Washburn’s proposal seeks to gain “respect” for tribal courts, based upon a premise that tribal convictions must be afforded the same weight and treatment as federal and state criminal convictions under the Federal Sentencing Guidelines. This Article explores the idea of respect for tribal courts and convictions in the context of their history and connection to tribal peoples and communities. Ultimately, this Article concludes that respectful treatment would not tolerate placing a tribal defendant in such a powerless position within the federal sentencing hierarchy.

A proposal that would negatively impact only Native American defendants in a foreign justice system in the name of respect warrants critical review. As an Assistant Federal Public Defender, I had the opportunity to view the application of federal criminal laws from the front and the back end of the criminal justice system, from trial to post-conviction. As a Native woman, I have seen the impact of crime, justice, and federal sentencing on tribal people, families, and whole communities.

It is from this perspective that I focus the lens of respect on the work of tribal courts and criminal justice in Indian Country, and ultimately oppose any amendment in federal sentencing to count tribal court convictions to increase federal sentences for Native criminal defendants. A review of the historical diminishment of tribal authority over crime and punishment on the reservation, as well as the disparate impact of crime and punishment on Native peoples, leads to a rejection of counting tribal court convictions in federal sentencing. This Article proposes an alternative view that both respects Native American individuals caught in the criminal justice system and elevates tribal sovereignty.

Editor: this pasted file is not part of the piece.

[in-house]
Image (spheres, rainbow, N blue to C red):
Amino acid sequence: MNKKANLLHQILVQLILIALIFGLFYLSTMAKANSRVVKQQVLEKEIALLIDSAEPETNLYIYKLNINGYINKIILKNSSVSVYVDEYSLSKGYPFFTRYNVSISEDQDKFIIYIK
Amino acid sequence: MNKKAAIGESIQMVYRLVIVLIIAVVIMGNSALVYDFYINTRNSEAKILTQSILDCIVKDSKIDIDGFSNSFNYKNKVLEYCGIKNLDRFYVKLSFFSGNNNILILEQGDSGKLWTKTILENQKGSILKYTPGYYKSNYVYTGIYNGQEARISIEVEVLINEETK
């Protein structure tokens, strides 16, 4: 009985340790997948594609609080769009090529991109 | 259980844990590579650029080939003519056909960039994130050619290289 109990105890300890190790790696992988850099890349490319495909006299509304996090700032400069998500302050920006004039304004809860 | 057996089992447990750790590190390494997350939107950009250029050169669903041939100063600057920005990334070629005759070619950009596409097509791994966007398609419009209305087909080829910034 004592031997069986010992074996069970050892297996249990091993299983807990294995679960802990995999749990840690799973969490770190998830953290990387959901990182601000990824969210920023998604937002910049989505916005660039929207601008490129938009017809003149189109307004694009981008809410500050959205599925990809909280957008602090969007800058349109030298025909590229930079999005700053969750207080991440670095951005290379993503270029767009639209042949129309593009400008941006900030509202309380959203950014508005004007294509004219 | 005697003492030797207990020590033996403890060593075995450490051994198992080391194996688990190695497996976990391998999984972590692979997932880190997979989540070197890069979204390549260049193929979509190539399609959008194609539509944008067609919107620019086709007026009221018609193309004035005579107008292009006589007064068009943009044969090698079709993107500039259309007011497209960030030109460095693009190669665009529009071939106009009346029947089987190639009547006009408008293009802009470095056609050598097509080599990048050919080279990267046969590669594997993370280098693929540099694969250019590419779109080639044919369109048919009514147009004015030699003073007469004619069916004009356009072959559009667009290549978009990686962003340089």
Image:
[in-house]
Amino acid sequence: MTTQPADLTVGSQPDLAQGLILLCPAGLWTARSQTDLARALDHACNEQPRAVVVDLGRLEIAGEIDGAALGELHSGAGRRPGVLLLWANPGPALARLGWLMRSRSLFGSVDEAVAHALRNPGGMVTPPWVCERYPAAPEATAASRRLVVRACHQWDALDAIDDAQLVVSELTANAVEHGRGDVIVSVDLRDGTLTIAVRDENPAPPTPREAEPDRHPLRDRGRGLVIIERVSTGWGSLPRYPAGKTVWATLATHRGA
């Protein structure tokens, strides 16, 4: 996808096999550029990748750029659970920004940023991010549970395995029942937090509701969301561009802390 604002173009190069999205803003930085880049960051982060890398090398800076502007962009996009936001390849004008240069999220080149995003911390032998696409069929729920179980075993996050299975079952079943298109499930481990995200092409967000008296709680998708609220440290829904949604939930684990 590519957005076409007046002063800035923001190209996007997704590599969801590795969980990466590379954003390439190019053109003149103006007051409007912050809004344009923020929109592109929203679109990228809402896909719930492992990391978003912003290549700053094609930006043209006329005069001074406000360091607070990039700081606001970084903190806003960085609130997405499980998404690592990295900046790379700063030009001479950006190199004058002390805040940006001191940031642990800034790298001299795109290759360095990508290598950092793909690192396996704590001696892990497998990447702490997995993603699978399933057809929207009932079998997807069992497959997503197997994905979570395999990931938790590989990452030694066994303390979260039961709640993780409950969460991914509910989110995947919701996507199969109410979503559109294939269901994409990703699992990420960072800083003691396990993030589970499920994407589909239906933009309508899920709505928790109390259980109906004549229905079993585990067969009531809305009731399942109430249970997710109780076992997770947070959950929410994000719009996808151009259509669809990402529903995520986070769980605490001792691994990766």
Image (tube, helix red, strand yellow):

October 28, 2011 in Federal Sentencing Guidelines, Offender Characteristics, Who Sentences? | Permalink | Comments (0) | TrackBack

UK debate over new sentencing structures continuing

All persons interesting in structured sentencing laws ought to be keeping an eye on the interesting debates taking place in the UK now over a new set of proposed mandatory sentencing rules.  Here are links to two pieces from papers across the pond, both with telling headlined, that provide some of the details:

October 28, 2011 in Mandatory minimum sentencing statutes, Procedure and Proof at Sentencing, Sentencing around the world, Who Sentences? | Permalink | Comments (0) | TrackBack

"Madoff says he is happier in prison than free"

The title of this post is the headline of this news report discussing a recent interview of Bernie Madoff from prison.  Here is how the piece starts:

Financial swindler Bernard Madoff said that he is happier in prison than he was on the outside because he no longer lives in fear of being arrested and knows he will die in prison, TV journalist Barbara Walters said on Thursday.

Walters, who spent two hours at the prison with Madoff two weeks ago, also told ABC's "Good Morning America" program that Madoff said that while he had contemplated suicide during his early days behind bars, he lacked the courage and never thinks about killing himself now.

Madoff is serving a 150-year prison term for bilking investors out of billions of dollars in a decades-long Ponzi scheme that is considered the biggest financial fraud in U.S. history.